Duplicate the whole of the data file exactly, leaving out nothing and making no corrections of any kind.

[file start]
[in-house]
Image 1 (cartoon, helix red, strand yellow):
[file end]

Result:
[in-house]
Image 1 (cartoon, helix red, strand yellow):